No board can have full visibility into the effectiveness of their organization’s cybersecurity. You can get better visibility through regular interaction with the CISO and eliciting external assessments. Having your CISO present the ins and outs of organizational cybersecurity processes will provide additional confidence in the current state and future of initiatives.

Also, take time to check in with your CISO and have them explain where they are putting their focus. Over half (51%) of cybersecurity professionals are kept up at night by the stress of the job and work challenges. A CISO fully focused on blocking and tackling efforts, moving from threat to threat, gap to gap, may never see the “birds-eye” view of the organization's cyber position. As a board member, encouraging the organization to take the time to conduct a true cyber risk posture assessment has served as a best practice for many to uncover new challenges and reformulate the current cyber risk as it relates to enterprise risk.

5. Minimal understanding of third-party risks

The risks involved with third-party individuals, vendors, and partners can be easily overlooked or even mistakenly placed into a lower-risk category when creating the current and future cyber view.

Many organizations rely on third parties for critical services. It can be challenging for boards to inject proper oversight on the cybersecurity risks associated with these relationships. Outside parties represent one of the greatest cyber threat exploitations to your organization, mostly beyond your control. A major cyberattack on a third party can take down an entire ecosystem of interconnected organizations, as was the case in the highly-publicized SolarWinds hack.

Risks presented by a third party, like a vendor, may pose challenges beyond the board’s or management’s control.

Third-party risks encompass any outside individual or organization that has access to the technology systems and connected equipment of your organization. While you cannot trust another organization’s cyber posture, you can limit the access vendors have to your infrastructure. By controlling vendor’s access to your information and systems, you can prevent bad actors from infiltrating your organization through third parties. This concept is a foundational aspect of a zero trust strategy.

Make it a point to inquire about and encourage conversations on third-party risk during board updates. While going through any type of organizational transformation, discover which third-party risks need to be addressed, and take steps to protect your organization.

6. Complexities in navigating legal and regulatory cyber expectations

It is difficult for boards to oversee cybersecurity initiatives due to the complex legal and regulatory landscape related to the field. Understanding your legal responsibilities under national and local regulations is important. This should include knowing the scope of the board's day-to-day responsibilities under normal conditions and during a major cyber event.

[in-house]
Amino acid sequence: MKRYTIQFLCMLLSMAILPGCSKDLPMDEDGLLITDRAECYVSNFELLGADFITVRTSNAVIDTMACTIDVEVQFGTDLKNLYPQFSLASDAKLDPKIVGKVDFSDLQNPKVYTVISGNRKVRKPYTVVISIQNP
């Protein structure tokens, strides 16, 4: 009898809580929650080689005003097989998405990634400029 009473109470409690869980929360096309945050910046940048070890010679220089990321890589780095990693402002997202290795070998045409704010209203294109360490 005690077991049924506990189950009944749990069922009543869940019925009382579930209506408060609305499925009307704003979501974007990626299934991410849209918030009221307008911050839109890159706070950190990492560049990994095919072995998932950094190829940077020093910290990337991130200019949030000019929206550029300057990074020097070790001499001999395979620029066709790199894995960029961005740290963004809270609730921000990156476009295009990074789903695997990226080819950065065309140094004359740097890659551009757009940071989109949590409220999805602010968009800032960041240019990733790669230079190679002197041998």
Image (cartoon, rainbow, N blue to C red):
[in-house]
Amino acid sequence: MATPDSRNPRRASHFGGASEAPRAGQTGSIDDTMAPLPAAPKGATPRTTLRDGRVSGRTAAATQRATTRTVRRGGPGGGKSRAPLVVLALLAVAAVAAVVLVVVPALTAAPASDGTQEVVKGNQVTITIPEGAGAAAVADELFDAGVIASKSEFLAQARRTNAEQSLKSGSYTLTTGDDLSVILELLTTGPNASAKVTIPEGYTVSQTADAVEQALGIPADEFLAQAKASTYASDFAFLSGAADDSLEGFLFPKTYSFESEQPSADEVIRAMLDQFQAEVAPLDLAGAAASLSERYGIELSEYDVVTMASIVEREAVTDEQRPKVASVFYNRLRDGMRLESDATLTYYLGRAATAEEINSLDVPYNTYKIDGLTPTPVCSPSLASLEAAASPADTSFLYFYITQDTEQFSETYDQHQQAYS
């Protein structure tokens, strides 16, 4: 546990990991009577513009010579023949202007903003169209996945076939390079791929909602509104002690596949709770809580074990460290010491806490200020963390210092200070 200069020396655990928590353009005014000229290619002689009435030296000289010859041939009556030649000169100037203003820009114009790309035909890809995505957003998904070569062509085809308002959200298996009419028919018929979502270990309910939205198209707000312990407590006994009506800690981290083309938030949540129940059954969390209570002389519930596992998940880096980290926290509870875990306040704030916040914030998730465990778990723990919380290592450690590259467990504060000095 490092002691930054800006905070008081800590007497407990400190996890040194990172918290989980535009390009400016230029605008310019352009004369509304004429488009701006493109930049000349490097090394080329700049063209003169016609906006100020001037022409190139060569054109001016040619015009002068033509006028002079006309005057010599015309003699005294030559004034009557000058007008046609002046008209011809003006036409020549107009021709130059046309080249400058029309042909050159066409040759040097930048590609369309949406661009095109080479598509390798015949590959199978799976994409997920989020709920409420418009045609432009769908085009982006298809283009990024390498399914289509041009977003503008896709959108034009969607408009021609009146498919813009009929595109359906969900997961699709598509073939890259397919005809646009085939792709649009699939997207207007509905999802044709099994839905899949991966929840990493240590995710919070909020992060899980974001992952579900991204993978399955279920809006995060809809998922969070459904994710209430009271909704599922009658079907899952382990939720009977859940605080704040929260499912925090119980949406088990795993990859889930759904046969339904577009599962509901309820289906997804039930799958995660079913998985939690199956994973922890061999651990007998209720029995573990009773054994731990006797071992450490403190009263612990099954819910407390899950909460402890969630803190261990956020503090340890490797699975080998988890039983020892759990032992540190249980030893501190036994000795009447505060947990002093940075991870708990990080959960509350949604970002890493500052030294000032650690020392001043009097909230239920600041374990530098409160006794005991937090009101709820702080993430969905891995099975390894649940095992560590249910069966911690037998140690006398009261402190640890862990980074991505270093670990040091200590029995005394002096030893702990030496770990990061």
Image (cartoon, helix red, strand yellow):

You will manage the cyber regulatory environment better if executives and the internal and external legal council regularly update the board on their legal obligations. As a director, your broad oversight will be vital for ensuring the organization identifies and addresses relevant cybersecurity and legal considerations. Cyber risk transformation can be daunting, and serious problems may arise if these legal and regulatory obligations are not met during the journey.

A best practice for board members is to clearly understand who owns the cyber risk in the organization, and ensure it is not the sole responsibility of the CISO. Cyber risk is so critical that ultimately the CEO carries the responsibility. They can then delegate tasks to the CISO, CIO, CRO, and other members of the executive team. 

Organizations that divide cyber risk management responsibilities keep the overall risks more at the forefront, keep accountability with cyber transformation, and place importance on stronger management oversight. Cultivate cyber awareness throughout the executive team so they can drive a top-down promotion of cybersecurity thinking to each organizational silo. This will go a long way toward improving your resilience to cyberattacks and minimizing the related business risks. 

In summary:

  • Boards often lack cybersecurity expertise, making oversight difficult. Focused training and independent sources can build knowledge.
  • The threat landscape evolves rapidly. Boards need confidence the organization adapts to new threats. Updates should focus on critical issues.
  • Cybersecurity should be a regular boardroom topic. Audit/risk committees should inform the board of cyber risks.
  • Boards can validate their understanding of cyber risk through regular assessments. Check in with the CISO on focus areas.
  • Organizations must manage third-party risk. Boards can seek to understand the legal obligations of cyber risk and ensure risks are addressed broadly across the organization.

This is part four of a series of posts dedicated to helping CXOs and boards address cyber risk. The next installment will cover essential metrics used to measure improvement.